Console.WriteLine("2) str2 = '{0}'", str2);
    str2 = String.Copy(str1);
    Console.WriteLine("3) str1 = '{0}'", str1);
    Console.WriteLine("4) str2 = '{0}'", str2);
This example produces the following results:
1) str1 = 'abc'
2) str2 = 'xyz'
3) str1 = 'abc'
4) str2 = 'abc'

Next we have the CompareTo() method. This method returns an integer whose value signals how the two strings compare. First, I'll show you code that will throw an exception. The comment in the following program listing explains what the problem is that leads to an exception being thrown.

using System;

public class Program {
    public static void Main() {

        MyClass my = new MyClass();
        string s = "sometext";
        try {
            int i = s.CompareTo(my); //comparing string s to class instance my (which doesn't evaluate to a string)
        } catch (Exception e) {
            Console.WriteLine("Error: {0}", e.ToString());

public class MyClass { }

Now, unlike the above program, which demonstrates the throwing of an exception due to an invalid parameter, let's see a program that demonstrates the other three cases we might encounter when dealing with the CompareTo() instance method:

If you wish to view the source code that produces the output shown above, click here.

The example program here produces this output:

A fairly straightforward instance method of the String class is the EndsWith() method. It is used to determine if a specified string matches the end of an instance string. Consider this program listing, and the output it creates (shown below):

Now, the above program uses a couple of things we have not covered yet in any of our tutorials -- the foreach loop, and arrays. For now, don't worry about those. The lines of code that are important in this example are these lines, which allow the program to determine how many Millers and Pikes are in the names array:



The integer variables m and p permit us to track how many Millers and Pikes we come across as we traverse the entire string array of names. By incrementing one or the other of these values when we encounter the corresponding surname in our array, we end up, after finishing stepping through each member of the array, having an accurate count of the number of incidents of each surname.

The next String instance method we'll demonstrate is the String.Equals() method, which simply determines if the instance string and another string have the same value. An example program can be found here. I'll not dwell on this particular method, because its usage is fairly obvious, and I think the example program succinctly demonstrates this.

Now we come to the String.GetEnumerator() method, which is included in order for programming languages that support the IEnumerator interface to iterate through members of a collection. For example, the Microsoft Visual Basic and C# programming languages' foreach statement invokes this method to return a CharEnumerator object that can provide read-only access to the characters in a given string instance. This is not a method you'll need in your day to day programming tasks.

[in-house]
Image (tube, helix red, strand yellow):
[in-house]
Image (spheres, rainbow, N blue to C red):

Moving on, we come to the String.IndexOf() method, which reports the index of the first occurrence of a specified character or string within the instance. Remembering that the first position in a string is position 0, what value do you think i holds below?

string s = "abcde";
int i = s.IndexOf("b");
If you said "i = 1", you are correct! How about character e? Position 4, right!

It is worth noting that this method can be useful whenever you want to determine if a string contains a particular character or substring. The integer value returned by this method, if the specified character or string is not found, is negative one, i.e., -1. This can come in handy in any number of common programming tasks.

Another very handy instance method of the String object is String.Substring() instance method, which returns a substring (i.e., a string that lies within the string) from the instance string, by acting upon two integer values you pass the method as arguments for its parameters. The form that this method takes is String.Substring(start, length), where start is the position within the string where the substring starts, and length is the number of characters, beginning with the character found at position start, that the substring holds.

Perhaps an example will help. Let's take the word internet. To extract the string net from it, we'd have something like this:

string s = "internet";
string t =  s.Substring(5,3);

The String.Insert() method returns a new string with a specified string of characters inserted into the instance string at the specified position. For example, let's say we have a string holding a first name and a last name, and we want to insert a nickname, in quotation marks, in between the two: